4: Southeast Asian Linguistics: A Deeper Look


(Originally part of Chapter 8 in the 1st book: given its own chapter)

Let’s take a deeper look at the linguistic differences of Southeast Asia’s language families.

The Chinese Influence on Tai-Kadai

Originating in southern China, Austro-Tai bifurcated thousands of years ago. Those who remained on the mainland speak languages in the Tai-Kadai family, while those who ventured off into the ocean speak Austronesian. Eventually another language clan came down from the North, the Chinese. To be more precise, linguists actually call this the Sinitic language family, to differentiate it from Chinese language groups, which are so diverse. For the sake of familiarity, we shall employ the words ‘Chinese’ and ‘Sinitic’ relatively interchangeably.

Chinese has had such a heavy influence on the Tai language that linguists used to think they belonged to the same family. But recent discoveries have shown otherwise. By studying words, rather than grammar, linguists eventually realized that the Tai clan was not part of the Sinitic clan at all, but was actually a sibling of Austronesia.

Although linguistic siblings, Austronesian speakers are quite different from their long lost-relatives, the Tai speakers. China has had such a huge effect on Tai speakers that their spoken language sounds Chinese. For instance, both languages are monosyllabic, tonal and rely heavily on word order for meaning.

Despite these auditory similarities, the Tai-Kadai language family is overlaid on an ancient substrate of words, which is not at all Chinese. These words from the distant past actually link Austronesian and Tai together.

The Chinese Influence on Vietnamese

This same pattern holds true with Mon-Khmer and Vietic (formerly Viet-Muong). For ease of reference and familiarity, we shall refer to Vietic as Vietnamese. Mon/Khmer and Vietnamese also contain an ancient substrate of similar words that testify to their ancestral linkage to the Austroasiatic language family. However, linguists originally thought that Vietnamese belonged to the Chinese language family.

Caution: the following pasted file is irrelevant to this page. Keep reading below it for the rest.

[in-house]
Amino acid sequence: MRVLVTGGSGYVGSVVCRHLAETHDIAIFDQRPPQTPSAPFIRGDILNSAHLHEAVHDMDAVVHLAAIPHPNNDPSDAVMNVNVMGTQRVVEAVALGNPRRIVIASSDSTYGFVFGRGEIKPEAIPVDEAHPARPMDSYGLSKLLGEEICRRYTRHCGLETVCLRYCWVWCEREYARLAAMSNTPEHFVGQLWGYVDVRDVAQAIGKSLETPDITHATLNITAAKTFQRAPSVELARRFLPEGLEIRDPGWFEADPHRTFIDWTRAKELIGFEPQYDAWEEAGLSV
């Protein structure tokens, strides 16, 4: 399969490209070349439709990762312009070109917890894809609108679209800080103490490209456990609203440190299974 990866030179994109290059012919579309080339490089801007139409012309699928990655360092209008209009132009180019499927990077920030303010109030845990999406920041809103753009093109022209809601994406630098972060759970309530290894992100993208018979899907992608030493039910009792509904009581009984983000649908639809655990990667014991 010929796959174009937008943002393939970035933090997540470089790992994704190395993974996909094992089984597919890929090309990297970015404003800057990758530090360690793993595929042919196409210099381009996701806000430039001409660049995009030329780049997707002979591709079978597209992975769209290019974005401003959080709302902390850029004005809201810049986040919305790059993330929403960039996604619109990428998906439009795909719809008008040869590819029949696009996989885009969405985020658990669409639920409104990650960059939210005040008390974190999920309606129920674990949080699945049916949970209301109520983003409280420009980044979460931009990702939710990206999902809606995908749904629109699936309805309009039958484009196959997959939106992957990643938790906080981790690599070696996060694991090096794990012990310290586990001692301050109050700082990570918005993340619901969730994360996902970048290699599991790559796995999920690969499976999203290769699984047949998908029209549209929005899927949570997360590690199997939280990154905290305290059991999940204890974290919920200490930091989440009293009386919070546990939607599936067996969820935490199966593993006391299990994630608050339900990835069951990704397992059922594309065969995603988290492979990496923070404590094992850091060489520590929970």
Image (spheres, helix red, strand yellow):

An adventurous branch of the Austroasiatic clan migrated to the eastern coast of Southeast Asia’s mainland (Vietnam) thousands of years ago. Their ancestral language morphed into Vietnamese. The Mon-Khmer and the Vietnamese have been apart for so long that they actually have very little in common anymore.

Ruled by the Chinese for many years, the Vietnamese language picked up many of their language characteristics. Like Chinese, Vietnamese is also monosyllabic and tonal. Despite these external similarities, Vietnamese and Chinese do not belong to the same family. Typologically at least, the Chinese, Tai, and Vietnamese language families all have the same external characteristics. Belonging to the Sinitic language family, Burmese also shares these same characteristics. Summarizing: Due to geographical proximity combined with cultural blending, Tai, Vietnamese, and Chinese sound similar but belong to different language families. In addition to language similarities, the Vietnamese and the Tai speakers have coupled with the Chinese for so long that they have many of the Mongoloid features, including heavy eyelids and no body hair.

Indian influence on Mon/Khmer & Austronesian

The spoken languages of the Mon/Khmer of the mainland and Austronesian cultures of the islands also share many external similarities, but belong to different language families. Both languages are disyllabic, non-tonal, with grammatical affixes to determine meaning. In fact, the two languages sound so similar in so many ways that early linguists thought they were separate branches of the same family, which they called Austric.